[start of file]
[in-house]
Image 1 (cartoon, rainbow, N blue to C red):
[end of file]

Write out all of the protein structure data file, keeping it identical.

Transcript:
[in-house]
Image 1 (cartoon, rainbow, N blue to C red):